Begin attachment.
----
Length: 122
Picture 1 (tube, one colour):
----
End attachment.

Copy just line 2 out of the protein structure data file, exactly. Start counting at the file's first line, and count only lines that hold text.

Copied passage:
Picture 1 (tube, one colour):